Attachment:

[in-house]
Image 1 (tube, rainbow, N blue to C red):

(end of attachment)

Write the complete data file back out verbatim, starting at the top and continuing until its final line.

[in-house]
Image 1 (tube, rainbow, N blue to C red):